Genres: Young Adult, Romance, Contemporary
Warning: This review contains mild spoilers.
Prior to watching The Duff movie trailer, I had never even heard of this book. After watching it I was certain I would enjoy this book, however, the book wasn’t much like the trailer…
The story follows Bianca Piper as she struggles to comes to term with the offensive label she had been given and the divorce of her parents. Bianca was a very cynical and pessimistic character, although it did not bother me for the most part of the story it did become annoying at times, especially when the situation did not call for it. However, her character did have a realistic element to it as she struggled to deal with her insecurities, a struggle many teenage girls have, which helped make her more relatable to the target audience. I wasn’t much of a fan of Bianca as she was constantly thinking and saying things that she later done herself; she was very hypocritical. In contrast, I did enjoy how Bianca handled Wesley and found her very entertaining and funny at times.
The Duff did contain characters that I did indeed like. Casey and Jessica, Bianca’s two best friends, were very likeable and provided a stark contrast to Bianca’s Characters. Both these characters were upbeat, perky and kind.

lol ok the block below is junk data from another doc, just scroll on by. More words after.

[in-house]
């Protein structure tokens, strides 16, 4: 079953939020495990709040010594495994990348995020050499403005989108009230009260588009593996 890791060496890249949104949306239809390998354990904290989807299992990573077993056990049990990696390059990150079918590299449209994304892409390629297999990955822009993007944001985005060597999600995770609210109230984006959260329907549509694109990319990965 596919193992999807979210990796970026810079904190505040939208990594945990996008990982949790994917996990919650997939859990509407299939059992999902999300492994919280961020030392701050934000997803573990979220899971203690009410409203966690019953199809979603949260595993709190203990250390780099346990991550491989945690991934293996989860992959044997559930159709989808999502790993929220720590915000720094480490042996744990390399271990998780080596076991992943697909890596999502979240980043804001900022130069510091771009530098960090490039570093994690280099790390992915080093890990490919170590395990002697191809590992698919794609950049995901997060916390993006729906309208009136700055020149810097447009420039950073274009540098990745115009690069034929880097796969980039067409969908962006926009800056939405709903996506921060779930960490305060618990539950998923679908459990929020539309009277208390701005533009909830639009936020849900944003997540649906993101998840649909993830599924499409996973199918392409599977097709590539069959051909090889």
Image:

Wesley was your stereotypical rich, hot, high school jerk, that seemed to have stepped out of a cliché American High school movie. It wasn’t only Wesley’s character that was very overdone, but most of the book. However, there were times that hinted that Wesley was a dynamic character, but I personally do not believe Keplinger explored this enough, which could be due to the narrator, Bianca, being pretty self-absorbed.
This story, it seems, contained too many problems for the author to handle. Bianca faced many issues, most notably was when her father, who was a recovering alcoholic that had been sober for 18 years, began to drink again after her mother filed for a divorce. Keplinger seemed to use this as a reason for Bianca to make even poorer decisions and never really seemed to explore this issue enough, now I know this stories main focus was the offensive labels high school students create for one another but this problem just seemed to resolve itself. It also gave the message that if you have a problem of this huge a scale you should do nothing as it will resolve itself in time, this just wasn’t realistic.
I think the main issue I had with this book was the constant slut-shaming, which frustrated me to no end. Words such as “slut” and “whore” were thrown around this book so casually and so often that I found myself questioning if half the times they were really necessary.
Keplinger’s writing was easy to read and I flew through the book in no time. She set a good pace for the book that ensured the reader would not become bored and included many humorous moments throughout. The only problems I had with her writing was the holes in the plot and that some of the conversations came across unrealistic.
Overall, this book was very stereotypical but it did contain a good message at the end. I believe that if the book contained less slut-shaming and the loose ends of the plot were tied, I would have enjoyed this book much more than I did.